As local and state governments grapple with the impact of the coronavirus response on its budgets, schools, and public services, officials must resist the notion to close public meetings out of fear of contamination or community spread.
Conducting the business of cities, counties and the state among the people is essential to good governance and ensures that public policy is debated in a manner that is directly accountable and responsible to the citizens. This means such forums can be downright nasty at times – literally and figuratively – yet, that is the function of government in this republic.
In the rush to assuage fears amid this pandemic, some governmental entities are considering closing City Halls and County Courthouses to the public, allowing only the elected officials and their staffs to meet and discuss public business.
Others are only allowing those with specific business before the board to come into the chambers.
Still others are closing their meetings to the public altogether and choosing instead to attempt to stream meetings on a social media platform like Facebook or YouTube, as if that is an adequate substitute for holding a public meeting.
Social media may be good for many things, but it is not a replacement for press and public access open meetings of elected officials.
While some in the public demand live streaming from their city or county meetings, it is not a platform that provides the type of engagement from the public open meetings allow. The potshots and half-truths that flood the comment sections of these videos are not productive and would not be tolerated in an open meeting; most are not read or considered by the public body as the officials are meeting and cannot practically go through the comment feed.
Arguably, most such comments would not be said by the authors in the public meeting if they actually bothered to show up and address those boards in the first place; they are merely an off the hip reaction with little to no context.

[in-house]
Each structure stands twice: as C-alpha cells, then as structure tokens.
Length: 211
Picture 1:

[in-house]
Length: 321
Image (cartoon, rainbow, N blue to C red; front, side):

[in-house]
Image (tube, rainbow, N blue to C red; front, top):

Public meetings are designed to temper such a mob mentality. They allow for a healthy dialogue between citizens and elected officials in hopes of finding common ground. They provide direct access to the elected officials and allow public business to be aired in full display without the conspiracy of it being hidden or edited outside the view of citizens. Public meetings rein in the rumors and provide an outlet for fact.
Further, there is no statutory allowance for public meetings to be held only via video feed in Mississippi law, nor is there a requirement for public meetings to be live streamed.
Mississippi’s Open Meetings Act states, “It being essential to the fundamental philosophy of the American constitutional form of representative government and to the maintenance of a democratic society that public business be performed in an open and public manner, and that citizens be advised of and be aware of the performance of public officials and the deliberations and decisions that go into the making of public policy, it is hereby declared to be the policy of the State of Mississippi that the formation and determination of public policy is public business and shall be conducted at open meetings except as otherwise provided herein.”
The Act does provide for members of the public body to conduct a meeting through teleconference or video “…provided that the equipment used is located at the place where the public body normally meets or at a public location specified in any notice of a special meeting…” but it does not require public meetings to be live streamed or recorded for public viewing.
It would be advisable for local officials to follow the lead of Lt. Governor Delbert Hosemann and Speaker Philip Gunn in these times if officials are concerned for public health at their local city, county or school board meetings.
While it may be an extraordinary step to suspend the legislative session and send members of the Mississippi Senate and House home until this threat passes, it is a far better move to take that action than to have decided to conduct the people’s business under the shadow of a closed Capitol that restricted public access, limited the press, and caused the people only to see what the cameras showed them on a live feed from the balconies.
Local officials should make open meetings a priority and when times like these inhibit that foundational tenet of American representative democracy, those meetings should be recessed until such a time that is better suited to conduct the public’s business with their peers in person, face to face.
Citizens should demand open meetings, especially when emergencies arise, and should not be lulled into a false sense of security by relying on what can be seen on Facebook or YouTube. Civic engagement remains the only means of holding elected officials accountable, even if it comes with risks.